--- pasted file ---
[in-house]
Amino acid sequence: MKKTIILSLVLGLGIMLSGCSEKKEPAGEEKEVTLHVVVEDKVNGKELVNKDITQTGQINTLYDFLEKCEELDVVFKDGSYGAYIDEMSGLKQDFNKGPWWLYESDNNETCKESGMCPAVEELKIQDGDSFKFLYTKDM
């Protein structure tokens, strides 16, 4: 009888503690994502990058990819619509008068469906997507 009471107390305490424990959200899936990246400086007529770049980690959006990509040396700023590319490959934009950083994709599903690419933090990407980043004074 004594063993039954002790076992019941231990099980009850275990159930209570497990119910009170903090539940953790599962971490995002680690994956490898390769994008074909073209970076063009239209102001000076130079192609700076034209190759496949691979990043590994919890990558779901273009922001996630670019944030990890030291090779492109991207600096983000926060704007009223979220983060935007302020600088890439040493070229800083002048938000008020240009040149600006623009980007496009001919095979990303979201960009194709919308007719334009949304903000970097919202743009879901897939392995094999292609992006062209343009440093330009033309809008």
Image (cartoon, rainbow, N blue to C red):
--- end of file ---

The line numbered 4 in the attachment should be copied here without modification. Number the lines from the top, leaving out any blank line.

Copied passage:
Image (cartoon, rainbow, N blue to C red):